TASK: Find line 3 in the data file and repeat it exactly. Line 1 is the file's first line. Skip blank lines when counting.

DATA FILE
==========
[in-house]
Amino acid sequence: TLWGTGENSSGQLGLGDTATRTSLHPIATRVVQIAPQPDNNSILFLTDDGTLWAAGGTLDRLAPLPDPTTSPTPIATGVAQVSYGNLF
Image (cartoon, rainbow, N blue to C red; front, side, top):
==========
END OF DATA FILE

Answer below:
Image (cartoon, rainbow, N blue to C red; front, side, top):